Hoist with his own petard
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Hoist with his own petard is a Shakespearean idiom from Hamlet meaning "to cause the bomb maker to be blown up with his own bomb". A petard is a small bomb used for blowing up gates and walls when breaching fortifications. It is of French origin and dates back to the 16th century. A typical petard was a conical or rectangular metal device containing 2–3 kg (5 or 6 pounds) of gunpowder, with a slow match for a fuse.
"Letters" refer to instructions written by Hamlet's uncle King Claudius, the King of Denmark, to be carried sealed to the King of England, by Hamlet and his schoolfellows Rosencrantz and Guildenstern. The letters, as Hamlet suspects, contain a death warrant for Hamlet, who later opens and modifies them to refer to Rosencrantz and Guildenstern. Enginer refers to a military engineer; the spelling reflects Elizabethan stress.
There's letters seal'd: and my two schoolfellows,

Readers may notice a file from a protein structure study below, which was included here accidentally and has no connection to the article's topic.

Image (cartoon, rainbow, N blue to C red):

Whom I will trust as I will adders fang'd,
They bear the mandate; they must sweep my way
And marshal me to knavery. Let it work;
For 'tis the sport to have the enginer
Hoist with his own petar; and 't shall go hard
But I will delve one yard below their mines
And blow them at the moon: O, 'tis most sweet,
When in one line two crafts directly meet.
After modifying the letters, Hamlet escapes the ship and returns to Denmark. By "hoist with his own petar", Hamlet means he is metaphorically turning the tables on Claudius, whose messengers are to be killed instead of Hamlet. Shakespeare's use of "petar" (flatulate) rather than "petard" may be an off-colour pun.
- "Petard". Dictionary.reference.com.
- "hoist". Dictionary.com (Unabridged ed.). Random House, Inc. Retrieved June 4, 2012.
- Harper, Douglas. "hoist". Online Etymology Dictionary. Accessdate=June 4, 2012.
- "Hoist by your own petard". The Phrase Finder.
- Adams, Cecil (July 14, 1978). "What's a petard, as in "hoist by his own ..."?". The Straight Dope. Chicago Reader. Retrieved March 30, 2010.